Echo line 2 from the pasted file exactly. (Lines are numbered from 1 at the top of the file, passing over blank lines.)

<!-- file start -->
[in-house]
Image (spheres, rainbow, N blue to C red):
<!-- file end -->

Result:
Image (spheres, rainbow, N blue to C red):